Cigars are sometimes described using two statistics: length and ring gauge. In the US, at least, the ring gauge is a number describing the diameter of the cigar's cross section and is enumerated in sixty-fourths of an inch - so a cigar with a 48 ring gauge is 48/64 of an inch, or 3/4 of an inch across. Note that some of the figuerado cigars (pyramid, torpedo, perfecto, culebras, etc.) will have irregular shapes, so their diameter will vary across the length of the cigar.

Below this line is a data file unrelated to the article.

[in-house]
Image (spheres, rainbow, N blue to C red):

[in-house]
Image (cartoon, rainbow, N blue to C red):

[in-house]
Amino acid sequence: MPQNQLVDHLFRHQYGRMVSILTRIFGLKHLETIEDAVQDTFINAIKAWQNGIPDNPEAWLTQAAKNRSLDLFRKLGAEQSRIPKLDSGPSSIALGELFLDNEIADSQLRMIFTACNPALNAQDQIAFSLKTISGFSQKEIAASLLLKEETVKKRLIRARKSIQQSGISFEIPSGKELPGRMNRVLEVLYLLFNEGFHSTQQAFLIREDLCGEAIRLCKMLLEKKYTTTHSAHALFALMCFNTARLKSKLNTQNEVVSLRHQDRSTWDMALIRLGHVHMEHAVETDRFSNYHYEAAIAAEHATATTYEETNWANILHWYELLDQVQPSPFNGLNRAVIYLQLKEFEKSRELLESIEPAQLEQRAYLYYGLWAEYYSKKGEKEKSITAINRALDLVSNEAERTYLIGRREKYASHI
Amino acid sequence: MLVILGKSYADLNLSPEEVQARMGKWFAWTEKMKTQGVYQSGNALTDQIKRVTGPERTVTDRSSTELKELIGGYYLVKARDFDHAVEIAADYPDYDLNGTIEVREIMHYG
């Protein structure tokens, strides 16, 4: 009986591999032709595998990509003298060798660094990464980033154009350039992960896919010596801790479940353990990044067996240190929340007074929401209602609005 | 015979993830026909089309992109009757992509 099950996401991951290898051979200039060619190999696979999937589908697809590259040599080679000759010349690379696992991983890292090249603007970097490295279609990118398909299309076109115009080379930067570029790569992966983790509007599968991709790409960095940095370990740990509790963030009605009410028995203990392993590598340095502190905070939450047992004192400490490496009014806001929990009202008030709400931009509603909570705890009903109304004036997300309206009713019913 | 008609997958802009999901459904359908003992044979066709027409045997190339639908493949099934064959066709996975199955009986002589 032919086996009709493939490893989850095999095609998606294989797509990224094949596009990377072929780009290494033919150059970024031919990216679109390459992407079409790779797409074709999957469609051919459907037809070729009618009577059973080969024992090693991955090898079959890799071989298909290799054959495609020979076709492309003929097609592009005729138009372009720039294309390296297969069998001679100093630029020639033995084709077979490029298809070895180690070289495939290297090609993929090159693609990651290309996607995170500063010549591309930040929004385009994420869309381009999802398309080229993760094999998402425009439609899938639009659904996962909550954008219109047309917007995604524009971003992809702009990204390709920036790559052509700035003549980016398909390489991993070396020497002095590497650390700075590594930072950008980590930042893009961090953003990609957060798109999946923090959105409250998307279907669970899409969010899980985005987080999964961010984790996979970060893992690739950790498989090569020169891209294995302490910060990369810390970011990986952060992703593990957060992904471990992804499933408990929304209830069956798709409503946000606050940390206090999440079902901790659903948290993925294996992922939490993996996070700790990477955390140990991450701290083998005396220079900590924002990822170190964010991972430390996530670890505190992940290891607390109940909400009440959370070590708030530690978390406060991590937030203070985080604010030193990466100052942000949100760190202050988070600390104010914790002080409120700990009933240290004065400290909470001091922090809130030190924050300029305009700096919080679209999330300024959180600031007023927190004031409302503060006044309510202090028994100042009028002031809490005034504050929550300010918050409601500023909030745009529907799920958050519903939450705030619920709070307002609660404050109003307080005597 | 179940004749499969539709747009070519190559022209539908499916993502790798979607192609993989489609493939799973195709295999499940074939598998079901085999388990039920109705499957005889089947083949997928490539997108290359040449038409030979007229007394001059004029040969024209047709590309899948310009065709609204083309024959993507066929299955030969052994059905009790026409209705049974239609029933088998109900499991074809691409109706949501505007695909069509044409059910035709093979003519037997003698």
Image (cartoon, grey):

rootbeer277 asked the cogent question: "What happens to the ring gauge on a figuerado?" I don't know if there is an 'official' answer, but I have seen a couple of different uses. On cigars with a circular cross-section that aren't cylindrical (torpedo, perfecto, etc.) I have seen the 'min/max' ring gauge given, such as a '24/50' ring gauge. I think for the more exotic shapes, like pyramids or culebras, it just isn't usually given - you're supposed to pretty much know, if you're asking for something that specialized. Note that this is an assumption on my part - as I said, I haven't seen any 'official' word on the subject.